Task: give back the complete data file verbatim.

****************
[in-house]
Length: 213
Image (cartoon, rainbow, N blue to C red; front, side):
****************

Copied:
[in-house]
Length: 213
Image (cartoon, rainbow, N blue to C red; front, side):